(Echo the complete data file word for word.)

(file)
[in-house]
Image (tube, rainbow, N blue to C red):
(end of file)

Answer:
[in-house]
Image (tube, rainbow, N blue to C red):